Review: Caught in the Net

The clever, almost flippant title of this Czech documentary betrays its slightly self-congratulatory tone. Though the topic is a very serious one—pederasts stalking children online—the focus on superior production values and the game-like execution counteracts the seriousness to a certain extent. For all the disgust certain scenes will surely provoke in viewers, the movie seems almost beside the point, and I can’t help but feel that a more effective documentary about the sexual victimization of children could have been made without the reality show trappings.

Granted, the enterprise concocted and recorded by filmmakers Vit Klusak and Barbora Chalupova is presented as an “experiment” that mostly investigates the permeability of social media and how those without proper defenses due to lack of maturity can be taken advantage of. Right at the start of the film we are shown statistics stating that 41 percent of Czech children have received unsolicited pornographic images online from other people. The parameters of the experiment are explained clinically and also in a slightly conspiratorial fashion. The directors put out a casting call for young female actors over the age of 18 to arrive wearing children’s clothing. Twenty-three show up and each is told her task if selected: she will impersonate a 12-year-old girl who joins a number of social networks with the purpose of attracting men who stalk pre-teen girls for sexual gratification. Those auditioning for the part explain, often in lurid detail, some of their own experiences with sexual abuse. Three are selected, and then an elaborate set is constructed on a soundstage consisting of three bedrooms that simulate the individual actors’ respective spaces when they themselves were 12 years old, complete with actual artifacts from their childhoods. Computers are set up and connected to video recording equipment that will be monitored by a large staff, including psychologists, lawyers, social workers, and sexologists, who are on hand to make sure things don’t get too intense for the actors, which, of course, they do.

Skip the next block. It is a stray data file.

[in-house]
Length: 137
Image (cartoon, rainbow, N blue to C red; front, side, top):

The experiment lasts for ten days, during which the three women are contacted by a total of 2,548 men, who mostly interact with the women through Skype. Their faces are creepily masked, and they often freely admit that they are masturbating as they talk to the women, who are clearly distressed by the fact though they’ve been warned this will happen. In almost all the cases recorded, the men not only show the women their penises, but request that they remove articles of clothing themselves or demand they send nude photos of themselves. In fact, in order to extend the experiment, the producers hire outside models to act as body doubles for the women so that they can send the nude photos requested. In at least one case, an interlocutor uses the photo for blackmail purposes. (As a kind of antidote to the queasy mood, they include one young man who goes online just to talk and then commiserates so honestly with one of the women about the horridness of most men that the interaction brings tears to the eyes of everyone listening.) The whole endeavor is capped by in-person meetings in a cafe with 21 of the men and then a contentious encounter with one outside his home where the filmmakers reveal their project and accuse him of illegal acts. 

The film does explicate how shockingly widespread child stalking is on the internet, and many of the encounters reveal the mindset behind such actions, which often come down to simple misogyny (in his defense, the man confronted at the end of the movie blames the girls for coming on to him); and a final title card mentions that the data collected during the experiment was eventually handed over to the police, who are now “investigating” the men depicted. But the overall impression is of a very sophisticated stunt that produced interesting results that probably could have been produced in a way that was less sensational. 

In Czech. Now playing in Tokyo at Human Trust Cinema Shibuya (03-5468-5551), Shinjuku Musashinokan (03-3354-5670). 

Caught in the Net home page in Japanese

photo (c) Milan Jaros, 2020 Hypermarket Film, Czech Television, Peter Kerekes, Radio and Television of Slovakia, Helium Film

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